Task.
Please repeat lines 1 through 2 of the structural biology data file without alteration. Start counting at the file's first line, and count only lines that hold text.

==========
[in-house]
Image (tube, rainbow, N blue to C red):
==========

[in-house]
Image (tube, rainbow, N blue to C red):